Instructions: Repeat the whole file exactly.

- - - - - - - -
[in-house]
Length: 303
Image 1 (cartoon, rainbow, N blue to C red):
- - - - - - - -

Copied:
[in-house]
Length: 303
Image 1 (cartoon, rainbow, N blue to C red):